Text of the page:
Perl originally started with nothing but package variables. The "my" lexical variables were not introduced until perl version 4. So to deal with all the package variables, perl was given the local() function. Local is also a good way to create a temporary variable and make sure you don't step on someone else's variable of the same name.

5 Subroutines

Perl allows you to declare named subroutines and anonymous subroutines, similar to the way you can declare named variables and anonymous variables.

5.1 Subroutine Sigil

Subroutines use the ampersand ( & ) as their sigil. But while the sigils for scalars, arrays, and hashes are mandatory, the sigil for subroutines is optional.

5.2 Named Subroutines

Below is the named subroutine declaration syntax:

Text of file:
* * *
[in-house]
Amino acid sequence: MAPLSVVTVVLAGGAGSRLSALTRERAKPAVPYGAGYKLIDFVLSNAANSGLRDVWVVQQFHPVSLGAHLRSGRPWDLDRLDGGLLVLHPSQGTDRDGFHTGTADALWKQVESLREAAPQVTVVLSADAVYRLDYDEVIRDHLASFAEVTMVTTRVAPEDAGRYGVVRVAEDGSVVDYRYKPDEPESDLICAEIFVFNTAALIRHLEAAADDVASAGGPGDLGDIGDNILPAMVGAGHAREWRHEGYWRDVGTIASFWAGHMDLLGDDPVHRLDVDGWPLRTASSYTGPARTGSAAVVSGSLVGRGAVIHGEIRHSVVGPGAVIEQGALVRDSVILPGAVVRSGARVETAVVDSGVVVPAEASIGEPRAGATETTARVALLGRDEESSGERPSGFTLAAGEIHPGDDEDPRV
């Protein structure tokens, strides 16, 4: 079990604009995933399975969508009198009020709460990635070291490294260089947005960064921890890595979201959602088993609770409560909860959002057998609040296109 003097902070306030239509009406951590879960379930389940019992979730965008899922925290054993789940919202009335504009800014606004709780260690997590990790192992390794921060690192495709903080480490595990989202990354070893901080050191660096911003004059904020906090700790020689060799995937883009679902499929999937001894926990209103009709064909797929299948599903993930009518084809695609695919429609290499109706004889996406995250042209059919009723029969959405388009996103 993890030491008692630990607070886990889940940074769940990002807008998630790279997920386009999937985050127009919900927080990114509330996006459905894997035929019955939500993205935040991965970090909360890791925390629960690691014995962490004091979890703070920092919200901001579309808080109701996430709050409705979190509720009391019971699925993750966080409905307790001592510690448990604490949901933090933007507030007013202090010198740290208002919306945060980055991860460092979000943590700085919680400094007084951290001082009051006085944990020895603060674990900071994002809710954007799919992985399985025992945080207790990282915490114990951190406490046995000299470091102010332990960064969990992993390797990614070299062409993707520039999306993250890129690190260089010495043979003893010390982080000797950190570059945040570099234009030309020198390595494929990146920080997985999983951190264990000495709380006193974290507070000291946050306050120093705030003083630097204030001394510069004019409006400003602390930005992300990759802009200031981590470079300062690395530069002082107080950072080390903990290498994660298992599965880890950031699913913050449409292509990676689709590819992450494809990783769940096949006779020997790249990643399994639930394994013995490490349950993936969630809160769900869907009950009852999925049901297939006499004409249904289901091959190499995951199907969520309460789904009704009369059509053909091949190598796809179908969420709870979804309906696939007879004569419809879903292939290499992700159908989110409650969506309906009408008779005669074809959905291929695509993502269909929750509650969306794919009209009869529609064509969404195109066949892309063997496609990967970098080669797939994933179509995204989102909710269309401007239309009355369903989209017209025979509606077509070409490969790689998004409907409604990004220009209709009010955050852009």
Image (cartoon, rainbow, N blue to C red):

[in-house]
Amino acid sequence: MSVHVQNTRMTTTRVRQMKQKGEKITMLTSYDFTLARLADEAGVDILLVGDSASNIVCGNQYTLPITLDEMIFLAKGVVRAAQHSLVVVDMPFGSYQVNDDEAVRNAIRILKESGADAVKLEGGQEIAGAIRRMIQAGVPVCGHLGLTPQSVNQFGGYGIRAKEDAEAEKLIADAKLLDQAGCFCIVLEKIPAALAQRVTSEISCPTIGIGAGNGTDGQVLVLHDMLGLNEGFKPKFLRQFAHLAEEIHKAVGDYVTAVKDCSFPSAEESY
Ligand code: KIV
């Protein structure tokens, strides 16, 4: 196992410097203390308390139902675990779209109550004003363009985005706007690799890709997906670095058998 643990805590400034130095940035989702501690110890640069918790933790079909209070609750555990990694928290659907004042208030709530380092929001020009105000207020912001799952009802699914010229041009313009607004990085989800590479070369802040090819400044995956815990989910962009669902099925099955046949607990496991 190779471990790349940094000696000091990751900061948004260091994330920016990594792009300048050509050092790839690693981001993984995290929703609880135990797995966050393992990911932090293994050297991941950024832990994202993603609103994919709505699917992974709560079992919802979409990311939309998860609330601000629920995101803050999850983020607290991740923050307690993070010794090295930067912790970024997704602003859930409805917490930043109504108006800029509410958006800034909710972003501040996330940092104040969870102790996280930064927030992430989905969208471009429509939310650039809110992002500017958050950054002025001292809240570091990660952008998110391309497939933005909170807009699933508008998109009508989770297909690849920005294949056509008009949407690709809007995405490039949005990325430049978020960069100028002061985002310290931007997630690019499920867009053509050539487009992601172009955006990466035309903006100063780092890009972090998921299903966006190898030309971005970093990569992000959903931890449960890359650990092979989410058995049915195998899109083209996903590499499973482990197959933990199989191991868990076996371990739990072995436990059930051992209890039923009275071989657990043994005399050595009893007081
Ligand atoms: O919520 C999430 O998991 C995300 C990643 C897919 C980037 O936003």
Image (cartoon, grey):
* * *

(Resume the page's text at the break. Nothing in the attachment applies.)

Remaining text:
sub NAME BLOCK


NAME can be any valid perl identifier.


BLOCK is a code block enclosed in parenthesis.


The NAME of the subroutine is placed in the current package namespace, in the same way "our" variables go into the current package namespace. So once a named subroutine is declared, you may access it with just NAME if you are in the correct package, or with a fully package qualified name if you are outside the package. And you can use the optional ampersand sigil in either case.


package MyArea;

sub Ping {print "ping\n";}

Ping;

&Ping;

MyArea::Ping;

&MyArea::Ping;

> ping

> ping

> ping

> ping



Once the current package declaration changes, you MUST use a fully package qualified subroutine name to call the subroutine.


package MyArea;

sub Ping {print "ping\n";}